- The Washington Times - Friday, March 22, 2002

It is well established that Saturn makes extensive use of plastics or composites in its automobiles. Such is the case with the all new VUE.

However, is it too much?

Exterior skin of the new VUE is virtually all made of polymer panels stretched over a space frame of steel. The steel space frame is much like the bony skeleton in our bodies, but much stronger and certainly much more cagelike in this vehicle. The polymer panels are stretched over this frame to make the exterior body of the VUE nearly impervious to dents and dings. These panels may not stop major repairs from being needed in a crash with another vehicle, but will keep you from having to worry about the occasional shopping cart or wayward bicycle.

To some, an excess of plastic may be evident once you climb behind the steering wheel. The interior is made of many plastic panels, especially on the dash. This is one of those classic "Catch-22" situations where a manufacturer must use plastic for many reasons, but must make it appear as though the panels are made of a much richer material. Personally, I find the VUE's interior to be nicely laid out with all the necessary equipment in all the right places.

The VUE is available with two different engines and three transmissions. The base engine is a 2.2-liter four-cylinder that produces 143 horsepower, while the optional 3-liter V-6 makes 181 horsepower.

The real breakthrough technology presented by Saturn in the VUE is the availability of a continuously variable transmission, which Saturn calls VTi. Because the VTi operates without gears there is no shifting and a nearly infinite number of ratios.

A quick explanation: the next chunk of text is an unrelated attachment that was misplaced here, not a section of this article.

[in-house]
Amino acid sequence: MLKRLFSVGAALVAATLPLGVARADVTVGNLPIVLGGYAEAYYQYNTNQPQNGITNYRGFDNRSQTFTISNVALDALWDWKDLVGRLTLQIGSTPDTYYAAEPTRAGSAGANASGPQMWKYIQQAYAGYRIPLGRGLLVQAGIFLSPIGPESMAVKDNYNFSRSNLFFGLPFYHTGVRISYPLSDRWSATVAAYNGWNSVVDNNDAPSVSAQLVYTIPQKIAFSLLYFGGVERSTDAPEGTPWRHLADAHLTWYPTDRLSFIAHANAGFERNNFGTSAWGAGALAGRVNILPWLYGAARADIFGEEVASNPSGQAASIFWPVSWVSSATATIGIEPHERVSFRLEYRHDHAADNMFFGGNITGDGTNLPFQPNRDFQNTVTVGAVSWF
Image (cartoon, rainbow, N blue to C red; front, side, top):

The VTi operates by running a steel belt, much like a fan belt, between two variable sized pulleys. As the transmission's computer senses increase or decrease in speed the pulleys vary their corresponding size accordingly.

This technology has come a long way, but it still has its limitations. During my testing, the VTi equipped VUE showed that you must become accustomed to the characteristics of driving a vehicle equipped with a continuously variable transmission. For instance, the engine does not go through a normal rise and fall in rpm as it would with a transmission that shifts.

During acceleration the engine rpm just continues to increase with speed, so you might, at first, feel as though something is malfunctioning. It's not, everything is just fine.

Another aspect to consider is since there is no down shifting during deceleration and therefore less engine braking, you will increase the use of your brakes.

This could result in higher maintenance on the braking system. Saturn engineers seemed to think this not to be the case.

There is no doubt a great deal of thought has gone into the development of the VUE. This vehicle has many of the features buyers want, plenty of usable space on the interior, easy manipulation of the seats and good entry and exit through all five doors.

One aspect I found to be notable is the rear lift gate actually raises high enough that I didn't have to worry about hitting my head on the thing when open. Yet, it is easy for a five-foot-two person to close.

A vehicle's seating configuration has become much more important these days as we put more demands on versatility. The rear 70/30 split rear seat is so configured so that a child seat can be fastened into its anchors in the middle of the seat and still allow the 30 percent section to be folded down for transporting a long item.

It is impossible to describe all the features or attributes of a vehicle in the space I have here. This is why I always suggest that shoppers narrow their search down to three or four vehicles. Then, go spend plenty of time with each vehicle to see which one fits your needs best.

It is far more important that you invest the time before you put your signature on that purchase agreement than afterward. You will have to live with that vehicle for the next few years. Be sure before you buy.

Saturn has given the VUE so many features it deserves a look. But remember you may need more time than you imagined, the VUE is that feature-packed.

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